Open Hardware 5V UPS Improves Cheap Powerbank Design

Often we need to power one of our 5V-intensive projects on the go. So done [Burgduino], and, unhappy with the available solutions, designed their own 5V inverter! It takes a cheap power bank design and augments it with a few vital parts for its UPS needs.

You might be tempted to look for a power bank when faced with such a problem, but most of them have a fatal flaw, and you can’t easily tell a faulty from a working one before buying it. This flaw is the lack of load sharing – the ability to continue powering the output when a charger is inserted. Most store-bought powerbanks simply mute the output, which prevents a project from running 24/7 without turning it off, and can have detrimental consequences when something like a Raspberry Pi is involved.

Naturally, [Burgduino] didn’t agree with that. Their inverter is based on the TP5400, a LiIon combo charge and boost chip, used a lot in single powerbanks, but not capable of load sharing. For this, an additional LM66100 chip – an “ideal diode” controller is used. You might scoff that it’s a Texas Instruments part, but it seems to be widely available and only slightly more expensive than the TP5400 itself! The design is open hardware, with PCB files available on EasyEDA and BOM clearly presented for easy LCSC ordering.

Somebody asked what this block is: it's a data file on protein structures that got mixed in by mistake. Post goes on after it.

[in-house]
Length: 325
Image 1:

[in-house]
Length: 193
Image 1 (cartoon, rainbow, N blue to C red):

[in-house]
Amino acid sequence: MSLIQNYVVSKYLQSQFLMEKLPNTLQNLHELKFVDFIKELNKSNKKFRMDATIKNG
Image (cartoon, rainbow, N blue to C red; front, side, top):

We hackers might struggle to keep our portable Pi projects powered up, using supercapacitors and modifying poorly designed Chinese boards. However, once we’ve found a toolkit to suit our needs, battery-powered projects tend to open up new frontiers – you could even go beyond your Pi and upgrade your router with a UPS addon. ! Of course, navigation isn’t always smooth, and sometimes seemingly easy-to-carry devices can surprise you with their design quirks.

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